MYERSTOWN, Pa. -- Kara and Cameo Lengeman don't have to worry about sharpening their pencils when test time arrives, but a good Internet connection is vital.
Kara, 11, and Cameo, 10, download their exams on the family's home computer. After completing the true/false or multiple-choice questions, they e-mail them off to be graded about 500 miles away.
"It's nice, because you can go at your own pace," said Kara, whose favorite subjects are history and language arts.
The girls became long-distance learners from their rural home about 30 miles east of Harrisburg in January, when they enrolled in the Western Pennsylvania Cyber Charter School. The 500-student, K-12 school based in Beaver County opened in September, one of two "cyber" charter schools in the state that deliver curriculum through the Internet.
More than 50 charter and public school cyber programs have been established in at least 30 states, according to the National School Boards Association in Alexandria, Va. Other cyber charter schools include Horizon Instructional Systems in Lincoln, Calif., and Electronic Classroom of Tomorrow in Columbus, Ohio.
But the burgeoning movement has angered some Pennsylvania superintendents, who say they didn't know the Western Pennsylvania Cyber Charter School existed until they received tuition bills in the mail.
The Pennsylvania School Boards Association and four school districts filed a lawsuit in April, alleging that cyber schools were never permitted under a 1997 law authorizing publicly funded, independently operated charter schools.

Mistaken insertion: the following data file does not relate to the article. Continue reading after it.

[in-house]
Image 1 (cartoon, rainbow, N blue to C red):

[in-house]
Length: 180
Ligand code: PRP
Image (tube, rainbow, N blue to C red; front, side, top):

"Cyber schools are being shoehorned into the charter school law, and they just don't fit very well," association spokesman Thomas Gentzel said. "Most reasonable observers would agree that they're not being well-regulated."
The plaintiffs, which include the Butler Area, Cameron County, Mars Area and Pocono Mountain districts, argue they should not have to finance cyber schools whose charters they did not approve. Additionally, they say cyber schools may not meet compulsory attendance and instructional requirements.
The state Education Department has rejected the association's arguments, citing a charter school law provision that allows charter schools to enroll out-of-district students.
The Western Pennsylvania Cyber Charter School is the prime target of administrators' wrath because it enrolls students from more than 100 districts scattered statewide. Tuition ranges from $5,000 to $11,000 per student, depending on the home district's per-pupil spending.
Pennsylvania's other cyber school, the 115-student SusQ-Cyber Charter School in Northumberland County, limits enrollment in grades 9-12 primarily to three participating school districts. Six other cyber schools are scheduled to open in the fall.
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